Chien-Ming Wang (0-3, 34.50 ERA, 6 IP, 23 hits) -- ILLUSION: We can just about guarantee that Wang's 2009 debacle is an illusion, if only because it would be impossible for him to be this bad all year. Wouldn't it? The Elias Sports Bureau reports he is only the second pitcher in modern history to kick off a season by giving up at least seven runs in three straight starts. And nobody has done it in four straight starts. So we're confident he can't keep this up. On the other hand, that's about all we're confident of. "His arm action says he's either fatigued or something's going on," one scout said. "He's pitching like a guy with a dead arm." Another scout said Wang's "lack of arm speed makes the sinker look like a humpback liner to a hitter." A third said, "They say he's healthy, but I don't buy that. He's got to be hurt."

David Ortiz


David Ortiz (.170 AVG., 1 extra-base hit, 14 K, 8 hits) -- REALITY: Every scout we've talked to who has seen Ortiz is downright alarmed by his vanishing bat speed. "He's starting to go quick," one scout said. "His body is breaking down on him. He isn't even catching up to average fastballs, and he's not even driving the ball the other way. If he can't hit the fastball, they're going to eat him alive. I don't think he's going to be a .170 hitter. But he's not a guy who can carry a club -- not anymore."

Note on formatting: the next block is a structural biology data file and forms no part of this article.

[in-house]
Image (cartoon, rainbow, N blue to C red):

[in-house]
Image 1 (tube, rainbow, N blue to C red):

B.J. Ryan (2 saves, 1 blown save, 7.71 ERA, 4 2/3 IP, 11 baserunners) -- REALITY: Ryan has been great for a long time, but he's into the David Copperfield stage of his career. And scouts who have followed him don't think he can trick those hitters for long. "His funkiness is no longer funky," one scout said. "His power stuff has no power. And everything is flat." Another scout speculates that Ryan has to be a physical wreck. "They say he's healthy, but he looks like his shoulder is killing him. He was terrible all spring, and he's kept right on that track. He throws his slider all the time because he knows he can't throw his fastball over the plate. And when he does, it's like batting practice."

Jayson Stark is a senior writer for ESPN.com. His new book, "Worth The Wait: Tales of the 2008 Phillies," was published by Triumph Books and is available in bookstores and online. Click here to order a copy.